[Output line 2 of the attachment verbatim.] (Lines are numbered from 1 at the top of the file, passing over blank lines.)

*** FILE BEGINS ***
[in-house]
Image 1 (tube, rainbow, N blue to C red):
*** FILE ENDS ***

Image 1 (tube, rainbow, N blue to C red):